Even in his denouncement of divorce and remarriage, Jesus gives women rights that they did not actually have in ancient Jewish society. By law, only men were allowed to initiate a divorce, but Jesus draws on the image of creation from Genesis and talks about women and men as equals. And at the end of our reading for today, he even welcomes children, who had even less social standing than women. Jesus not only welcomes them, but he sets them as the model for those who wish to enter the kingdom of God. This is radical stuff!
By returning to Genesis, Jesus is also emphasizing God’s desire that two people should come together to become “one flesh.” God wants to see people united in love and committed to one another in love. And God is invested in protecting those relationships. Instead of hammering on the letter of the law, Jesus is trying to lift up God’s original vision of marriage as a relationship of love that benefits the whole community.
And marriage is lifted up throughout the bible as an image for the kind of relationship that God wants to have with humanity. God wants the same kind of joyful, creative, dynamic relationship with humanity that the first marriage was intended to be – a relationship of mutual love and solid commitment, a relationship of joyful discovery of the other and of creative collaboration.
God also desires that we have these kind of relationships with one another – that we be fruitful and multiply, that we leave our families and be joined together to create new families. God wants all people to join together in loving relationships that reflect the loving relationship we have with our creator.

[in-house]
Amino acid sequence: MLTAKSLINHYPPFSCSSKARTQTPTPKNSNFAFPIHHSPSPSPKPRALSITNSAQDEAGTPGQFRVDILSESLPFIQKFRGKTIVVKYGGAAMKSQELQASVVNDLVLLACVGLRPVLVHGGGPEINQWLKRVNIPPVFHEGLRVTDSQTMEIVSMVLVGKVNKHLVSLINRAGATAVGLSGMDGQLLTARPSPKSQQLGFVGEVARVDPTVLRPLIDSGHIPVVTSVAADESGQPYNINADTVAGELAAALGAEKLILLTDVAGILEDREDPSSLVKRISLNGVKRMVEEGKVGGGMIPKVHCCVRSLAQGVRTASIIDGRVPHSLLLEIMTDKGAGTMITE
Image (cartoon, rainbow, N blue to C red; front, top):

It should be noted that marriages that end in divorce don’t usually look like this. Divorces don’t end happy, loving relationships; divorces end unhappy relationships, relationships where there has been suffering and even abuse. Divorce grieves the heart of God – but it’s not because a law has been broken. It’s because divorce is a sign that there is already brokenness and hurt. And that makes God’s heart hurt. Sometimes things must end in order for the hurt to stop and for there to be healing.
God is grieved by broken relationships. And as Jesus shows us in our passage for today, God is grieved and angered by those who deliberately set out to break relationship. It’s worth noting that the two times that Jesus gets angry in this passage are 1) when the pharisees seem to be fishing for an excuse to be divisive and judgmental of others and 2) when his own disciples try to send the children away. In the words of the text, he is “indignant” when this happens! Both of these are moments in which the people around him are actively contributing to the breaking of relationship.
I think this is perhaps the most important message for those of us living in these days to take away from these readings. God wants loving relationship among God’s people – not division. This is a theme that seems to emerge in scripture again and again: it’s a repeated theme both because it is a priority for God, and because we are so relentlessly bad at it.